When designing flying vehicles, there are many aspects of which we can be certain but there are also many uncertainties. Most are random, and others are just not well understood. University of Illinois Professor Harry Hilton brought together several mathematical and physical theories to help look at problems in more unified ways and solve physical engineering problems.

“There are many equations because there are many phenomena. They are an attempt to describe mathematically the physical phenomena so that you can solve these problems. Words alone won’t solve the problem. In this case, the problem is how do to build the perfect flying vehicle for specific missions and purposes,” said Harry Hilton, a professor emeritus in the Department of Aerospace Engineering in the College of Engineering at the University of Illinois at Urbana-Champaign. Hilton looked at models independently of each other, then put them together.

“If you don’t use the right model, the rest becomes an exercise in futility. It may be a model that’s self-consistent but has no reality,” he said. “Of course, the only way you can validate a model is to run experiments and even then, you’re introducing another reality into the picture which is the experiment and not the real airplane. So each one of these is an idealization.”

Hilton began by analyzing the da Vinci-Euler-Bernoulli theory of elastic bending. “It’s deterministic, that is, determined that it is true with a probability of 1, based on a set of equations that give a set of answers,” Hilton said. Added to that is the Timoshenko theory that takes load and other realistic properties such as wind shear into consideration. Hilton merges those theories with properties of viscoelastic materials—which includes time dependent material behavior and is of particular importance in modern composite materials and metals at elevated temperatures.

On top of it all, there are probabilities that certain things will happen.

“We may assume that the loads and material properties are certain, but they’re not. Think about wind gusts. They can be sudden and unpredictable in strength and direction,” he said. “It’s the difference between deterministic—which means the probability is one and events are going to happen as opposed to a probability between zero and 1 where zero is never and 1 is always. “Probability happens in the real world. What’s the probability of you getting hit by a car when you cross Green Street? Pretty high. When you cross Wright Street, maybe not as likely,” he said.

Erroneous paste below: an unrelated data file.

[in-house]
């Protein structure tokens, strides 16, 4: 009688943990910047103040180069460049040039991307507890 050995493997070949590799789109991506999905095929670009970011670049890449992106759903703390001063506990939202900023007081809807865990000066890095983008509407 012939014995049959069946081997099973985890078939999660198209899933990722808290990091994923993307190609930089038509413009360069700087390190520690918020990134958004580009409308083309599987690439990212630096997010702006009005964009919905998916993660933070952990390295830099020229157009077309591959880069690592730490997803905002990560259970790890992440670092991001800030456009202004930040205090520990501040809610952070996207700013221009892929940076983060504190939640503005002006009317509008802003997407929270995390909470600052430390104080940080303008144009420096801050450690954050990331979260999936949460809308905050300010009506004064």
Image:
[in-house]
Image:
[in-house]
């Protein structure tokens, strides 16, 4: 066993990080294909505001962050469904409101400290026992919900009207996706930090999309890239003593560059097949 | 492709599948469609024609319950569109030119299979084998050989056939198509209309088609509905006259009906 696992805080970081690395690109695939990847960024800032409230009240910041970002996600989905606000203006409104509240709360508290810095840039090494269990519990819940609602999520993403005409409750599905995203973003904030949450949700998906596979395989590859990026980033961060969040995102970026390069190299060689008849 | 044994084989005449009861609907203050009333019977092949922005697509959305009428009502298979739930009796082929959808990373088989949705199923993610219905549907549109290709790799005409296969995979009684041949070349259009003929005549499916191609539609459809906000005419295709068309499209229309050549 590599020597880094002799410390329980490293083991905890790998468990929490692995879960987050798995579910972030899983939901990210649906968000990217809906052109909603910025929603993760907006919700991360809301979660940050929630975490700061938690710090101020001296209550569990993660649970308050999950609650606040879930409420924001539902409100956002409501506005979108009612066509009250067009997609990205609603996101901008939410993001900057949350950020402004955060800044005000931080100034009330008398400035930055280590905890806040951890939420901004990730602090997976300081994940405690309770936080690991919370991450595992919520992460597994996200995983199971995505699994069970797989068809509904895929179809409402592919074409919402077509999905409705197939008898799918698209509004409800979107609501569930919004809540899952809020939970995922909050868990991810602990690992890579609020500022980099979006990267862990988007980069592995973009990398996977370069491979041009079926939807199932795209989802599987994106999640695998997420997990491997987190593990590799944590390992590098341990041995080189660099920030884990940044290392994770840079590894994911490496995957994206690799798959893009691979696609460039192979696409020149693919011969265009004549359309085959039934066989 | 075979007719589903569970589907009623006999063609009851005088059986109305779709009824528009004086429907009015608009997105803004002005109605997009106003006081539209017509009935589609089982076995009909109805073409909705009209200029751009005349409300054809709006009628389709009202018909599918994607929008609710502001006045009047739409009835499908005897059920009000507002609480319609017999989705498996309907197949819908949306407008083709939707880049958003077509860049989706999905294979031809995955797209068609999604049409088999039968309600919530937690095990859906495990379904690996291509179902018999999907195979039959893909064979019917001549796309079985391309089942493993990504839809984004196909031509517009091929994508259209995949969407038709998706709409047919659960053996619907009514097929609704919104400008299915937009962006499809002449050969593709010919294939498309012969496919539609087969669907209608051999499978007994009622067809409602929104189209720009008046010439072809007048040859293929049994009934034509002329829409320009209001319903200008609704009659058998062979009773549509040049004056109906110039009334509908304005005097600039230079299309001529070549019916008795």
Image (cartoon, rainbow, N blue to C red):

Hilton’s analysis provides a new model that takes into consideration as many, but still not all, known phenomena. These analyses, while more inclusive, form a linear beginning as a stepping stone to the real nonlinear random world.

“We use both math and physics in engineering, but within limitations. In physics, we don’t always understand what’s going on,” he said. “That’s the case here as well. There are pieces of principles that haven’t been resolved. The mathematics are very exact but we tend to shade the equations in terms of what we can solve, rather than what it should be.

“The probabilistic analyses really pay off when designing a missile because you have just one flight to get it right. Either it hits the target or it doesn’t. But it never comes back and is reused.”

About his merging of models and its potential impact, Hilton quoted Winston Churchill from a speech he gave in 1942 concerning the Second Battle of El Alamein.”Churchill said, ‘It’s not the beginning of the end but the end of the beginning.’ You could look at it that way. We’re so far from the total knowledge that any one of these types of fundamental analytical papers is an end of the beginning.”

The paper, “A Unified Linear Bending/Shear Beam (Spar) Theory: From Deterministic da Vinci-Euler-Bernoulli Elastic Beams to Nonhomogeneous Generalized Linear Viscoelastic Timoshenko ones with Random Properties, Loads and Realistic Physical Starting Transients, and Including Moving Shear Centers and Neutral Axes, Part I:Theoretical Modeling and Analyses,” was written by Harry H. Hilton. It appears in MESA, the international journal of Mathematics in Engineering, Science and Aerospace.